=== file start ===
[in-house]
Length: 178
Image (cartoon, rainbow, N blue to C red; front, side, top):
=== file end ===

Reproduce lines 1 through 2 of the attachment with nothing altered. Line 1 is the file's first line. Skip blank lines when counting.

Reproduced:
[in-house]
Length: 178